Since then, Newton’s cast list has grown exponentially, thanks to a confluence of influential and invested educators and a deep-seated, community-wide interest in the performing arts. Morse, an actor with 70 credits, graduated in 1950 from Newton High School, where he’s said longtime music teacher Henry Lasker helped him find his artistic inspiration. Well known for creating an operatic version of “Jack and the Beanstalk,” Lasker was chairman of the Newton High School music department and a tireless advocate for the arts in schools, most notably incorporating music composition into music curriculum before it became a common practice. “He was an institution,” says Connie Kantar, former president and general manager of the Newton Symphony Orchestra, which Lasker founded in 1965. (She’s also, it so happens, the sister of Paul Michael Glaser, known as Starsky from the 1970s cop show Starsky and Hutch.)
Following Lasker’s death in 1976, Newton North renamed its auditorium in his honor. Today the Dore & Whittier–designed performing arts center is one of the most talked-about features of the six-year-old, $197 million, new Newton North. It stands as an important reminder that in Newton the arts are, as the former director of the theater program at Newton South, Jim Honeyman, says, “an integral part of the development of the whole person—mind, body, spirit, heart—definitely not a frill.”
During Lasker’s tenure, from the 1940s through the mid-1970s, Newton emerged as a city that appealed to parents who worked in or were interested in the arts—and who valued arts education in their children’s schools. Julie Taymor was raised in one of these families. Her parents loved the theater and took her to shows, which led to her putting on plays in the backyard with her older sister. By the time Taymor was nine, she was taking the T from Newton to downtown Boston every day after school for two to four hours of rehearsals at the Boston Children’s Theater. “It’s really how you’re brought up, who your parents are,” Taymor says. “If you have teachers who are inspiring in the arts, you’re going to get kids who are into it.”
In 1973, whether they knew it or not, many of Newton’s future stars got a major boost. A Brooklyn native named Linda Plaut, who’d grown up “with music all around,” moved to Newton with her two young children. After taking a job as the director of Arts in the Parks in 1975, Plaut says she “realized that there was very little for families to do during school vacations and weekends. That’s what inspired me to begin programming vacation and summer events for families.” Nearly 40 years later, Newton’s Office for Cultural Affairs, with Plaut at the helm, oversees a full calendar of programs and events that include Newton Open Studios, the children’s theater Newton Youth Players, and the annual Festival of the Arts—100 separate events over a three-month period. “Whether or not you take part in that aspect of life in Newton,” Plaut says, “it’s something that everyone can feel.”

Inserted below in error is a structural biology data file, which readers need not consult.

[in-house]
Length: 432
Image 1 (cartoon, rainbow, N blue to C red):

By the time Novak and Krasinski came around, everyone did. Even though U.S. public schools as a whole have cut back on arts education in recent years, Newton’s programs receive plenty of support from parents and the community, through fundraisers, individual donations, and ticket sales from school shows.
Both high schools put on multiple productions a year—auditions for which are highly competitive—and offer arts classes in a variety of fields, from acting and playwriting to costume and set design, taught by multiple faculty members. While many high schools toy around with productions of Our Town or Oklahoma, Newton puts on provocative, complex shows including Avenue Q and Ruthless. Aside from a part as Daddy Warbucks in a sixth-grade production of Annie, Krasinski’s stage debut was when his pal Novak convinced him to take part in the annual parody show during their senior year. “I will give B.J. a ton of credit for that,” Krasinski says. “I loved my experience so much with that senior show—it sort of changed my trajectory. For me, the most fun and the most inspiring and the reason why I wanted to be an actor was because of the community.”